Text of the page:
Newborn babies sleep a lot just not all at one time. Expect them to sleep for about 14 to 17 hours a day or even more waking frequently for feeding. It can also be up to 19 or 20 under 14 thought the average sleeping hours for a newborn are 14 – 17 hours.
Breastfed babies typically need to eat every two to three hours and formula-fed babies or those who feed on both usually eat every three to four hours.
Feed your baby on demand rather than following a feeding schedule. When your baby is in dreamland be sure she is sleeping in 100 percent safe conditions placed on her back on a firm mattress with no pillows, blankets, stuffed animals or crib bumpers to reduce the risk of SIDS.
Milk needs for newborns
Babies eat a lot during those first months at least 8 – 12 times or more in a day. Since your breasts and baby do not have a built-in meter, it can be hard to gauge when your baby has had enough to eat.
But there are a few clues if your baby seems happy, their weight gain is appropriate for their age and if they are making enough dirty diapers maybe 8 to 12 on any given day, they are probably getting enough. Now one-month-old babies need to need to frequent in feeding and there sleeping patterns are uncertain.
Many newborns tend to sleep during the daytime and mostly stay awake during the night, therefore organizing their feeding times can be tiresome.
Month 1 Baby’s health 101
Crying; There is no doubt that newborns cry, it is how they communicate! Whether you have a calm baby or a fussy one, you will start to get used to all the variations of those little whimpers and walls this first month.
Crying can be a sign a baby is healthy. If your little one does not cry much, especially when you know they may need something, see your doctor right away!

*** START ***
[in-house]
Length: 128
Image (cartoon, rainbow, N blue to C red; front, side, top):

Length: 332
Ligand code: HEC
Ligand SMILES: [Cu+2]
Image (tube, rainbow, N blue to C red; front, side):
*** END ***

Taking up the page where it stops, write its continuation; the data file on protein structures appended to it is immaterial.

But what if they cry all the time?
Some babies just cry all the time more than others. Studies show that 80-90% of babies have daily crying sessions from 15 minutes to an hour that are not easily explained. Sometimes these sessions are predictable in the evening or after a busy day out of the house for example. Sometimes they just pop up like a storm.
Make sure she is not hungry, does not need a diaper change and has not had something uncomfortable happen like maybe a thread wrapped around a toe. If all this is in check, help her through it the best you can; rock her, walk her, sing to her or cuddle her.
It may take several tries to help calm her down but if you feel yourself losing patience or are just plain worn out, it is okay to put her down somewhere safe like her crib for a few minutes. She may even surprise you and drift off to sleep by herself.
There are strategies for soothing baby cries including those of colicky infants, sometimes nothing seems to work.